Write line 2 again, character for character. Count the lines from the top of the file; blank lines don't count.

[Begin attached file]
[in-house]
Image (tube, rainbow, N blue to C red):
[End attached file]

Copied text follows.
Image (tube, rainbow, N blue to C red):